The Way of Baseball
The Way of Baseball
Finding Stillness at 95 MPH
Simon & Schuster, Paperback, 9781439191200, 208pp.
Publication Date: June 5, 2012
Shawn Green's career statistics can be found on the backs of baseball cards in shoeboxes across America: 328 home runs, 1,071 RBIs, .282 career batting average, All-Star, Gold Glove, Silver Slugger...but numbers tell only part of the story.
In the tradition of Phil Jackson's "Sacred Hoops, "Shawn Green illustrates the spiritual practices that guided his career and enabled him to "bring stillness into the flow of life." In "The Way of Baseball, "he shares the secrets to remaining focused both on and off the field, shedding light on a signature approach to living by using his remarkable baseball experiences to exemplify how one can find full awareness, presence, and, ultimately, fulfillment in any endeavor.
Gordon McAlpine is the author of three acclaimed novels: "Joy in Mudville", "The Persistence of Memory", and "Mystery Box".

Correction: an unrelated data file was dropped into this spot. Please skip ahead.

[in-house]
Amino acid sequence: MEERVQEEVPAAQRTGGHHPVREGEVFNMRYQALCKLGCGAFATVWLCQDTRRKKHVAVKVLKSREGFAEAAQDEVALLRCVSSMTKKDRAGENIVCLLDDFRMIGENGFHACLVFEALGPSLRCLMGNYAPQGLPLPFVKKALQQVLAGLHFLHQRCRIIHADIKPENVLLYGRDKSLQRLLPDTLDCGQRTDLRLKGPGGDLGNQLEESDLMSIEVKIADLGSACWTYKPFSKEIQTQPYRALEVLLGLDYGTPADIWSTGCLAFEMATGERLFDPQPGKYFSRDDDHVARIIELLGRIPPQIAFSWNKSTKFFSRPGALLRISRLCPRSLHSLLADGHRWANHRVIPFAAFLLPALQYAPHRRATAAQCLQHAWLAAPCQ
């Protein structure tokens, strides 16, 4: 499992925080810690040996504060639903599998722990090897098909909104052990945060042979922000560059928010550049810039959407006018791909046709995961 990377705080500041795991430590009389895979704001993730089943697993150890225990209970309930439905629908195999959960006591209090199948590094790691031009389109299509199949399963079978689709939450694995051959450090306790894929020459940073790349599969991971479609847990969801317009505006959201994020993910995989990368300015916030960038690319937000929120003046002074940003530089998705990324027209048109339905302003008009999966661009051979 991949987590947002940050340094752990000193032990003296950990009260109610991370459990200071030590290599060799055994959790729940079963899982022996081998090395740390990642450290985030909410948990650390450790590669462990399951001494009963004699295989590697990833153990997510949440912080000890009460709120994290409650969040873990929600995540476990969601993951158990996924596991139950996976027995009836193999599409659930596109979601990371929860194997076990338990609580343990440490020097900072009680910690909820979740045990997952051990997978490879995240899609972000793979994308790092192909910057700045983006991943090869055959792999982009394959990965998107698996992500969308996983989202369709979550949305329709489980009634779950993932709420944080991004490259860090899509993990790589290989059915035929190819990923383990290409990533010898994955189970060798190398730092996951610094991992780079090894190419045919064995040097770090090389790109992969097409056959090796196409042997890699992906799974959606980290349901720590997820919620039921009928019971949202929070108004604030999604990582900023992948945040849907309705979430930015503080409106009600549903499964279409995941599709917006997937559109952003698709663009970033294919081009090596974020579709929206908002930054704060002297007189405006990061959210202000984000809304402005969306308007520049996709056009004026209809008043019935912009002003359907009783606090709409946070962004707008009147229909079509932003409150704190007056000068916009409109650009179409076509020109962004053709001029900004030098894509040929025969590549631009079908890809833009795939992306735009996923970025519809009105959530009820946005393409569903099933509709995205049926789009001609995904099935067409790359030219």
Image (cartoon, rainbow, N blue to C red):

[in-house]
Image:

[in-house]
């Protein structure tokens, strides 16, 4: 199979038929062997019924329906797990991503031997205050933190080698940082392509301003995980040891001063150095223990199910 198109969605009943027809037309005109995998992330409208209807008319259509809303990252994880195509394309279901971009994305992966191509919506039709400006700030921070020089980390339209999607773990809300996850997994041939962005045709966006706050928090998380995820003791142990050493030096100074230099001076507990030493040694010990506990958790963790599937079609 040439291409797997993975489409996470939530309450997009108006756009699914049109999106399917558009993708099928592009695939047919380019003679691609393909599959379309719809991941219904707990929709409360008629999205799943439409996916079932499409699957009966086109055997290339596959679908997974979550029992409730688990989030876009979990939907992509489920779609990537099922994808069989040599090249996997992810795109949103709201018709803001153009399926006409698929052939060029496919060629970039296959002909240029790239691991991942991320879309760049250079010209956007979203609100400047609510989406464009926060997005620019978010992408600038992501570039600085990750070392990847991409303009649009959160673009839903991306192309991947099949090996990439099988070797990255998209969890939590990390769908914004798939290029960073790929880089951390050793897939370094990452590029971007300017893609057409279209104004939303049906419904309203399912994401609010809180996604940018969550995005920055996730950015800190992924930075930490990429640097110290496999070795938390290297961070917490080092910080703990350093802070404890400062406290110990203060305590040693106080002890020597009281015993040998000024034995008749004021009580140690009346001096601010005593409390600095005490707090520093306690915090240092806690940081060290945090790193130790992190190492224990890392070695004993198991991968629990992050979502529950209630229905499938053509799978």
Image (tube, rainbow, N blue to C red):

McAlpine is Director of the Master of Fine Arts course in creative writing at Chapman University, California.
“The greatest Jewish baseball player since Sandy Koufax fuses sports autobiography with Zen and the Art of Motorcycle Maintenance.” — Kirkus Reviews
“A very unusual and satisfying chronicle of one man’s approach to his craft and to life.” — Booklist
“Green swears that his Eastern outlook and honed calm…allowed him, at his best, to feel “that the pitcher was now my partner in hitting rather than my opponent”; and, frankly it is difficult to argue with the man who, at his best, set the record for total bases hit in a game…Those who do not share Green’s earnestness…may nonetheless find it fruitful to suspend their unbelief and read Green’s slim book…for its technical discussions of hitting and its satisfying three-act tale of early success, midcareer setback and ultimate triumph.” —New York Times Book Review
“When it comes to writing about baseball, he’s an all-star…..A thoughtful and introspective look at the game.” — New York Post
“Green’s book is a quick read…but what could be a collection of generalities is instead a detailed look inside the mind of a former All-Star.” — The New York Times